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Friends of the Earth has today written to the Food Standards Agency (FSA) demanding an urgent investigation into whether unapproved genetically modified (GM) maize has been illegally imported into the UK. Biotech giant Syngenta has admitted that it accidentally sold hundreds of tonnes of unapproved GM maize seed to US farmers over the last four years. Over 16 thousand tonnes of US maize was imported into the UK last year.

According to Nature, Syngenta produced and sold several hundred tonnes of the unapproved GM seed, called `Bt10', to US farmers between 2001 and 2004 [1]. The GM maize, modified to produce an insecticide, has not been approved for human consumption in the US or anywhere else in the world. As far as Friends of the Earth is aware, the safety of Bt10 has never been examined by the UK or EU authorities.

The FSA has told Friends of the Earth that UK laboratories can only test for the presence of genetically modified organisms (GMOs) in food when certain information about the particular GMO is provided by the company [2]. According to the Nature article, Syngenta and the US Government have been in discussions since last year over what should be done about the error, and how the information should be released to the public. But it is unclear whether Syngenta has ever provided the necessary information to allow the UK to test for its presence in our food and animal feed.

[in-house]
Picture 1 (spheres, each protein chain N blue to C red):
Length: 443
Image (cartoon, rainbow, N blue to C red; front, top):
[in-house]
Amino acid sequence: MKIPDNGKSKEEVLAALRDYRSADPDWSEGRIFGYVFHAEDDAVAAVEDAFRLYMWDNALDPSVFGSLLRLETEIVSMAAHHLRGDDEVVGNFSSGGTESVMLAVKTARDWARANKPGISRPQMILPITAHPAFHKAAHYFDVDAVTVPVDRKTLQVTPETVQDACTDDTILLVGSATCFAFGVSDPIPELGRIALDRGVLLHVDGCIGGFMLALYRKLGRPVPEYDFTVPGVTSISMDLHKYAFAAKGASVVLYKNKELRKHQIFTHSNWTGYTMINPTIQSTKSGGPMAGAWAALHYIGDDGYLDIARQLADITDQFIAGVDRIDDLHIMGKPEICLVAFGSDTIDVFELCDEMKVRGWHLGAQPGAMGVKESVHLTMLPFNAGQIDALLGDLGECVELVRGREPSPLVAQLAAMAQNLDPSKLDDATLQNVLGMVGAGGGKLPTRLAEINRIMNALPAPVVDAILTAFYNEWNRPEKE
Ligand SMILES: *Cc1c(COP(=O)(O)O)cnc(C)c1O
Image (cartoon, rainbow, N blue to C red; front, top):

Friends of the Earth's GM Campaigner, Clare Oxborrow said:

"This is an industry out of control. For four years Syngenta failed to notice that they were selling farmers an unapproved GM seed. How are consumers and farmers supposed to trust them to produce our food in the future? This case makes a complete mockery of the US regulatory system for GM crops. To make matters worse the US Government has known about this accident for months and together with Syngenta decided to keep it a secret until now."

"The British public will be concerned that this unapproved GM ingredient may have found its way into food and animal feed, and will demand answers. The Food Standards Agency needs to urgently reassure us that this maize was not imported into the UK. And if it was it must ensure that any contaminated products are withdrawn immediately."


[1] Nature website (22 March),

[2] Letter from Food Standards Agency to Friends of the Earth, 14 December 2004.

"A number of public analyst and commercial analytical laboratories have the ability and capability to test for the presence of GM materials where information is provided in relation to the GM event and the necessary reference materials are provided."

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